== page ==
file.save("MyFile.pdf", SerializationModeEnum.Standard);

PDF Clown 0.1.3 — Document Inspector

NOTE — As ContentScanner class is under refactoring, the development of 0.1.3 version is temporarily frozen.

1. Document Inspector

Since its earliest versions, PDF Clown has been shipped including a simple Swing-based proof of concept for viewing PDF file structures. Now that little fledgling is going to become a comprehensive tool for the visual editing of the structure of PDF files: PDF Clown Document Inspector. It was initially planned to be part of 0.1.2 version as a dedicated project within the PDF Clown distribution, but approaching the release deadline it wasn’t ready yet.

This tool conforms to the PDF model as defined by PDF Clown (see the diagram above), which adheres to the official PDF Reference 1.7/ISO 32000-1. This implies that a PDF file is represented through several concurrent views which work at different abstraction levels: Document view (document layer), File view (file/object layer, hierarchical) and XRef view (file/object layer, flat).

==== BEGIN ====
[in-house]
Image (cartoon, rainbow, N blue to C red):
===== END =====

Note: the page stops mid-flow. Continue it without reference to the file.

Continue reading PDF Clown 0.1.3 — Document Inspector

PDF Clown 0.1.2 released

This release enhances several base structures, providing fully automated object change tracking and object cloning (allowing, for example, to copy page annotations and Acroform fields). It adds support to video embedding, article threads, page labels and several other functionalities.

This release may be downloaded from:
https://sourceforge.net/projects/clown/files/PDFClown-devel/0.1.2%20Beta/

What about screencasts on PDF Clown use?

I’m considering to make screencasts on the use of the library.

Topics are still under definition: what would you like to see in action?

Unleash your curiosity and let me know!

PS: I use open-source IDEs only, so don’t expect me to tweak around with proprietary tools like MS Visual Studio… ๐Ÿ˜‰